Third, while this book does not challenge the views of Cooper's reviewers or modern scholarship concerning Cooper's upper-class characters - their stilted speech and two-dimensional portrayals - it does account for their thematic function.
Author: Donald G. Darnell
Publisher: University of Delaware Press
Category: Biography & Autobiography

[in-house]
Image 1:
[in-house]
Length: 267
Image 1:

"In James Fenimore Cooper: Novelist of Manners, Donald Darnell examines manners in fifteen of Cooper's novels, showing the range and vitality of the subject from the author's first novel, Precaution (1820), to his last, The Ways of the Hour (1850). Darnell shows how Cooper's interest in manners manifested itself not only in his lower- and upper-class characters, but also in his recording of their attitudes as well as his own concerning class and social distinctions, birth, breeding, the definition of lady and gentleman - in sum, all the criteria that contribute to and define social differences." "Despite the careful study of manners Cooper made in his fiction, his treatment of the subject has been long neglected and afforded only scant attention by modern scholars. Given the prominence of manners in Cooper's canon, the lack of commentary on the topic is as noteworthy today as it was in the author's lifetime. Other than a passing remark in an 1850 Literary World review of The Ways of the Hour ("Home as Found was written to improve American manners") no contemporary reviewer understood or appreciated Cooper's commitment to the manners theme. This brief mention, however, is illuminating for its accurate identification of a major motive in Cooper's fiction." "Darnell argues three points in this volume, the first being that Cooper is a serious and often didactic writer concerning manners. Even in Cooper's comic scenes the comedy has a social purpose, namely to satirize inappropriate behavior and attitudes. Second, the manners theme, far from being peripheral, is central in Cooper's canon. In works typically considered unconcerned with social matters - The Leather-Stocking Tales, The Spy, The Pilot, and Lionel Lincoln - Cooper integrally relates station, class, and manners as thematic issues to character motivation and dramatic incident. In novels treating the social world (Precaution, Homeward Bound, Home as Found, and the Littlepage trilogy), he displays a wider range as novelist of manners than has heretofore been recognized. Third, while this book does not challenge the views of Cooper's reviewers or modern scholarship concerning Cooper's upper-class characters - their stilted speech and two-dimensional portrayals - it does account for their thematic function. Too often, Darnell warns, the reader may dismiss them and consequently ignore their purpose. For Cooper, they play a serious social role: to stand as repositories of societal value and to instruct by example and admonition."--BOOK JACKET.Title Summary field provided by Blackwell North America, Inc. All Rights Reserved